Cookies help us deliver our Services. By using our Services, you agree to our use of cookies. Learn More.

Top Gun: Maverick - Hangman Originally Had A Different Call Sign

"Top Gun: Maverick" gave a lot to the post-pandemic cinema landscape. It helped bring nervous audiences back to packed theaters, convinced studio executives that billion-dollar movies that don't involve superheroes were still possible, and it proved that Glen Powell has what it takes to be a major movie star. As LT. Jake "Hangman" Seresin, Powell became the sequel's "Iceman" (Val Kilmer) — a cold-as-steel killer with an appropriately edgy call sign.

But as Powell revealed in an interview with CinemaBlend, his "Maverick" call sign was once even edgier — though significantly less accurate. The 34-year-old "Devotion" actor stated that he was allowed by director Joseph Kosinski to choose his own call sign, recounting, "When I first got the job, immediately my original call sign was 'Slayer.'" Though it paints a vivid image of the character's dangerous ego, it would have had real Navy pilots in the audience shaking their heads.

Luckily, the team behind "Top Gun" connected with service members numerous times to ensure the story's accuracy. "...in the first Navy briefing, they were like, 'You know, these are Air Force call signs, and these are Navy call signs," said Powell. Apparently, the actor was almost immediately told that "Slayer" was definitively an Air Force call sign. "...I was like, 'Well, I gotta change this,'" he admitted. Powell subsequently sought out the company of real aviators, who would ultimately inspire his new name. With additional input from Kosinski and writer Christopher McQuarrie, Powell chose the new moniker "Hangman," which he felt would be a more accurate choice.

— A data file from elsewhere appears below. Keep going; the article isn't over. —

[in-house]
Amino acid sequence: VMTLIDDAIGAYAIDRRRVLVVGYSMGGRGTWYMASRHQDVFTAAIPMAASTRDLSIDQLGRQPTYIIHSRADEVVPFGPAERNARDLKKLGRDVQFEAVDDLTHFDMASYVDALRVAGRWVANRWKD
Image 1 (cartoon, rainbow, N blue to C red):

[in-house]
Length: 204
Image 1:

Top Gun call signs help the audience understand the characters

Aside from being more dramaturgically accurate, however, Hangman feels more precise for the self-centered pilot. As "Top Gun" recruits earn their nicknames through their actions, Slayer would signify that he was seen as skilled, deadly, and effective by his peers. Hangman, however, was given to him with negative connotations — he earned the name because of how he hangs his team out to dry. Instantly, his call sign helps to define his relationships with the rest of the crew.

In fact, as almost every other actor got to choose their own call sign, each one holds a special meaning. "Rooster" (Miles Teller) is, of course, used in deference to his father, "Goose" (Anthony Edward); "Phoenix" (Monica Barbaro) acknowledges how female pilots feel they need to be more resilient than their male counterparts; even "Bob" actor Lewis Pullman theorized that his seemingly flippant name was given to him by Hangman himself after an act of valor — in this case, B.O.B. would be an acronym for "big ol' balls."

The "Top Gun" call signs may seem arbitrary at first, but they ultimately do help the audience get a clearer picture of who the characters are — and this is especially true for Hangman. That said, if the series ever wants to explore the fast-paced world of Air Force pilots, they should definitely consider Powell's first choice.